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Competition: Cities and Refugees Global

An international student ideas contest has been launched for bold interventions to help refugees living in cities around the world (Deadline: 10 August)

The free-to-enter contest – organised by UNSW Sydney in collaboration with the United Nations Refugee Agency (UNHCR) and Australian Red Cross – seeks novel solutions to improve living short, medium and/or long term living conditions for displaced people within major urban areas.

The call for concepts aims to identify a series of research-based solutions to bring measurable benefits to both refugee communities and other urban inhabitants. UNHCR estimates there are around 70.8 million displaced people around the world with around 60 per cent living in existing cities rather than refugee camps.

Kutupalong refugee camp near Cox's Bazar, Bangladesh

Kutupalong refugee camp near Cox’s Bazar, Bangladesh

Source: Image by DFID

Kutupalong refugee camp near Cox’s Bazar, Bangladesh

According to the brief: ‘The Cities and Refugees Global Student Design Ideas Competition seeks ideas for meaningful physical interventions that engage refugees in cities through new or repurposed buildings, infrastructure, and the use or reuse of public space.

‘The design interventions must result from the consideration of ‘non-physical’ issues such as social engagement, integration, livelihoods and governance. Interventions should capitalise on what the city has to offer, for example the sharing economy, employment opportunities and diversity.’

Conflicts, climate change, human rights abuses, economic hardship and other factors have caused a boom in the number of displaced people around the world. The majority of such refugees are currently based in existing urban settlements where infrastructure is already under pressure.

As a result the issues faced by many displaced communities in cities are often compounded by their isolation and inability to access basic services. For example, many Rohinga refugees are now living in Bangladesh’s Cox’s Bazar tourist area in makeshift shelters vulnerable to landslides in the monsoon season.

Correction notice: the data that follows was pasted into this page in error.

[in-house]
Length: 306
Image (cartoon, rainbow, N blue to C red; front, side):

Kutupalong refugee camp near Cox's Bazar, Bangladesh

Kutupalong refugee camp near Cox’s Bazar, Bangladesh

Source: Image by DFID

Kutupalong refugee camp near Cox’s Bazar, Bangladesh

The Cities and Refugees Global Student Design Ideas Competition aims to identify a range of interventions which go beyond design and help integrate displaced people into their surrounding urban areas and improve living conditions.

Submissions should include four A3-sized pages, a 45-second video and up to 500 words of written explanation. Judges include Leeanne Marshall, shelter advisor at the Australian Red Cross; Brett Moore, global shelter cluster co-lead, UNHCR; and Kirsten McDonald, associate principal at Arup International Development.

The overall winner, to be announced on 29 August at the APRU Sustainable Cities and Landscapes conference in Sydney, will receive a $5,000 USD prize, while a second prize of $2,500, third prize of $1,000, and three honourable mentions will also be awarded.

How to apply


The registration deadline is 3 August and submissions must be competed by 23:59 (AEST) on 10 August

Contact details


View the competition website for more information

Q&A with David Sanderson

The professor and inaugural Judith Neilson chair in architecture at the University of New South Wales discusses his ambitions for the competition